September 29, 2011
Social facilitation: Why aren’t other cat behaviorists aware of it?
Remedy? Study cat behavior.
I had the pleasure of co-hosting an episode for Animal Planet’s Must Love Cats with John Fulton. As the Cat Behaviorist (or as they called me, Cat Whisperer) on the episode, we worked with a client of mine in Newport Beach, California. My client has recently become engaged to his Russian girlfriend, Ala, who owned a lovely hairless Sphynx, Luxora, she brought with her from Russian. As the story can commonly go, his two cats did not get along with Luxora. She only wanted to play, but sometimes was a little too rough and triggered fear behavior. The owners also reintroduced the cats much too quickly which created confrontational and threatening feelings that led to this fear. My job was to show the owners how to reintroduce the cats in a very positive and non-threatening way.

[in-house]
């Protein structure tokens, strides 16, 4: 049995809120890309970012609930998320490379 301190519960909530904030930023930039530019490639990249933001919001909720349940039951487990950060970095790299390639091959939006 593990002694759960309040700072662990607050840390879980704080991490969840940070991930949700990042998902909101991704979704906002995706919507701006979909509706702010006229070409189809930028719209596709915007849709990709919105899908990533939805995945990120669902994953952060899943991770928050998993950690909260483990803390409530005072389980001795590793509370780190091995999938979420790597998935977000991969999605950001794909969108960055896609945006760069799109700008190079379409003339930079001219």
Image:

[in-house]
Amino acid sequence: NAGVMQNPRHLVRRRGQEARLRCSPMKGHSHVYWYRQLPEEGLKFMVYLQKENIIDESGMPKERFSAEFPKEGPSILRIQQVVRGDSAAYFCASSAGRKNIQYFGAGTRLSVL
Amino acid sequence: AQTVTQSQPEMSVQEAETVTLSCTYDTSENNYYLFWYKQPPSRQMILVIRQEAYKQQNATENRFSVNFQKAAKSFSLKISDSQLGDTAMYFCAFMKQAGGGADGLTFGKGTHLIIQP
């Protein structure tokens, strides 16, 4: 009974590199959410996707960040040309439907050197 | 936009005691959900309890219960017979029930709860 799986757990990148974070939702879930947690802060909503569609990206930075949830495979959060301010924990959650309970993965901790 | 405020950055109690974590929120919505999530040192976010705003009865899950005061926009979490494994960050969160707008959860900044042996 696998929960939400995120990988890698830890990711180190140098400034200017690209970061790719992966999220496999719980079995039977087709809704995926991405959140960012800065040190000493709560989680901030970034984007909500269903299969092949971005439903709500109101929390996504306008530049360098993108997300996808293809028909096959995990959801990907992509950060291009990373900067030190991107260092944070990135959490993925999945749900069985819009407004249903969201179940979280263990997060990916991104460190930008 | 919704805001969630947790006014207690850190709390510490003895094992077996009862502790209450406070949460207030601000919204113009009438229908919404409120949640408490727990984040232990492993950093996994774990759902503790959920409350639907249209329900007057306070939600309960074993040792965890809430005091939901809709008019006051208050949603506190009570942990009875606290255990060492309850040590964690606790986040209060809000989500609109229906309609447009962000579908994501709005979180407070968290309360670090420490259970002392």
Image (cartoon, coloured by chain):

Social facilitation (sadly, a behavior technique left out by most behaviorists) is critical in getting a multi-cat household to exist peacefully. Without a group scent = TROUBLE. Cats primarily rely on scent and a group scent helps the cats feel affiliated with one another and can decrease hostility between them. It’s not enough to merely have the cats’ scents spread out throughout the home. The cats must all smell alike or you’ll create factions or cliques of cats throughout your home and territorial thinking. In fact, here is a USA Today article that proves my point and I wish this lack of understanding wasn’t the case, but unfortunately, there is advice out there that is really incompetent. All one needs to do is read a vet behaviorist book and do some research to stay on topof the latest in cat behavior. http://www.usatoday.com/life/lifestyle/pets/2010-01-12-pet-talk-cats-smell_N.htm
If done correctly (gradually and with pleasant associations) this technique is very beneficial to cats and helps in eliminating aggression between them.
Another very important technique is creating an environment that decreases territorial disputes and aids in time sharing important resources. A land-o-plenty is critical when it comes to keeping the peace in a multi-cat household. But more on that in my next blog!